Quicktime 7.5.7 for MacBook Family Only; HDCP Squashes a Sale
Make sure you understand, though, that it only fixes one “bug”. It does not impact true HDCP restrictions, which means you’ll still have to use a HDCP compliant player (and this includes the MacBook family of machines) and an HDCP-compliant display (currently the internal display of the MacBook or MacBook Pro or the new 24 inch LED Cinema Display).
During Black Friday, the Fry’s Electronics Store here put the LG GGW-H20L Blue Ray/HD ROM –DVD burner on sale for an amazing $89! I seriously thought about buying one, despite Apple’s lack of support for Blue Ray, and placing it in my Mac Pro. On the OS X side, I could at least use it for data storage and, using Boot Camp, I might be able to use it to watch high-definition movies (which I would have to buy) using Windows XP. But the burner’s box noted that the player must be part of an HDCP complaint set-up, which left me with a fair degree of certainty I’d get the dreaded “display not authorized” message with my system. Not only did that scotch $150 worth of sales, but it also made me realize there probably is no HD future for my Mac Pro. While I have no doubt that Apple will make Blue Ray a feature of future Macs, I also believe the cost for me to make my current (and up-to-date) Mac Pro HD capable is going to be more than I can stomach. From a consumer standpoint, HD content restrictions mean I have to commit not only our Macs but our entertainment systems to HD or avoid it entirely.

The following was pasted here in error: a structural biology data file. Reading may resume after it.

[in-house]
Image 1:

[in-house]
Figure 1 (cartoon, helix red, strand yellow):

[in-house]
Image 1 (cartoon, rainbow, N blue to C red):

Somewhere in the next one to three years, prices to perform such a switch will fall to an acceptable level, and I’ll entertain it. But for now, the HD picture for us Mac owners is a fractured and expensive one; and the sour taste it’s leaving those of us who invested in Apple video editing and DVD manufacturing software is getting more bitter all the time.